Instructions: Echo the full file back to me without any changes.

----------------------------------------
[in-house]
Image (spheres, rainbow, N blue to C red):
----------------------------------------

[in-house]
Image (spheres, rainbow, N blue to C red):